When the fighting finally stops, Syria as we have known it may have become a variety of new statelets.
State fragmentation is almost inevitable in war-torn Syria
Despite the fluidity in Syria, some tentative but important conclusions can be drawn. First, the war will drag on for years. Second, a military victory by any party in the entire country is extremely unlikely. Third, there is no basis for a negotiated agreement. Fourth, the centralised, Damascus-ruled Syrian state is almost certainly a thing of the past. Fragmentation seems not just inevitable, but well underway.
Syria is beginning to splinter into regionally discrete areas in a manner strikingly reminiscent of Lebanon, though the eventual outcome may look very different.
The regime of Bashar Al Assad represents the interests of a family, a clan, a sectarian community, and a broader circle of clients and cronies, in that order of importance. It would be reductive to call it simply an Alawite government, but that community is its bedrock and primary support.
But the regime need not control all of Syria to secure its interests. It first needs key areas along the border with Lebanon, particularly in the south near Damascus.
Second, it requires the key northeastern roads and infrastructure leading from Damascus north to Qusair, scene of a bloody battle in June between government forces backed by Hizbollah units and rebel groups.
Slightly to the north-east is Homs, which government and rebel forces have bitterly struggled over, and which now lies in ruins. It is the crucial gateway to the north-west coast and rugged mountains abutting Turkey that have been home to the Alawites for centuries.
As long as the regime can control this wide strip of western Syria, its most fundamental interests can be maintained. If eventually regime forces are driven into the north-west, there would probably be an attempt to re-create a de facto version of the Alawite mini-state that existed under French rule from 1922-1936, before it was reincorporated into what ultimately became independent Syria. The putative Alawite state, unlike Lebanon, could not become independent because its capital, Latakia, had then – and still has – a Sunni Muslim majority. Presumably the creation of an autonomous Alawite redoubt would involve significant sectarian “cleansing” there. In the long run, such atrocities might not be forgiven by either the world or the Syrian majority.
But such a de facto mini-state could, at least for a time, be viable. It would possess a large coastline with at least two major ports and both military and civilian airports. It would not be cut off from the outside world, and would continue to receive significant support from Russia, Iran and others.
The Kurdish community in the north has already moved to declare itself autonomous, and aligned itself with the de facto independent Kurdistan Regional Government in Iraq.
Druze communities in the south have tended to identify with Alawites for a multitude of historical, cultural and religious reasons.
However, their militias are becoming increasingly independent and generally no longer work with government forces.
At the same time they have refused entreaties by Lebanese Druze leader Walid Jumblatt to join the rebellion and are staking out a neutral position that is essentially defensive. One can therefore also imagine the consolidation of a much smaller Druze enclave in the Jabal Al Arab region with its capital in Soueida.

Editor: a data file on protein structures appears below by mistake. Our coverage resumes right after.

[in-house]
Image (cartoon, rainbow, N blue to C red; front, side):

Assuming, then, that Alawites, Kurds and Druze all possess the wherewithal, with fraternal, regional and international support, to create their own quasi-autonomous enclaves in discrete areas, that leaves most of the rest of Syria to its Sunni majority and the beleaguered Christian minority scattered throughout the country.
Armed Sunni groups are pursuing different projects in different regions. The Al Qaeda-linked Islamic State of Syria and the Levant (ISIS) is openly attempting to establish a kind of emirate in parts of northern Syria, and, indeed, is fighting with Kurdish militias over certain territories.
The more secular and nationalistic Free Syrian Army groups, on the other hand, have taken control of significant areas of the South. In a very troubling development, the newly formed Jaish Al Islam coalition has drawn some Salafist groups away from the FSA coalition and seems to bespeak an intensification of the Islamist component to the rebellion, even when it is not linked to Al Qaeda.
This is disastrous because while the Alawites, Kurds and Druze all have the potential to create safe havens in discrete areas, the Sunni majority and many Christians – and numerous smaller minorities – could end up living under the control of extremist groups, at least for a brief time. Even a short period of fanatical domination is calamitous, as the beleaguered people of Raqqa and Deir Ezzor are currently discovering.
Non-extremist rebels have no choice but to confront Al Qaeda and similar extremists in a two-front campaign that also challenges the regime. And the outside world has no choice but to help them do so by all possible means. If Syria is to fragment, parts of it must not fall into the hands of Al Qaeda or be ruled by Salafists imposing their own narrow, literalist version of Sharia on what is still, and must remain, a cosmopolitan, diverse and heterogeneous society.
Even if it cannot really be held together as a centralised state, Syria must be protected from extremism. And that requires intensive international aid to non-extremist Sunni rebels. State fragmentation in Syria may be inevitable, albeit highly undesirable. But the degree of catastrophe it entails can, and must, be attenuated.
Hussein Ibish is a senior fellow at the American Task Force on Palestine, a columnist for Now Media and blogs at www.ibishblog.com
On Twitter: @ibishblog